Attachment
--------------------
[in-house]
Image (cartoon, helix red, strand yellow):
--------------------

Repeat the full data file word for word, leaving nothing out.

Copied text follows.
[in-house]
Image (cartoon, helix red, strand yellow):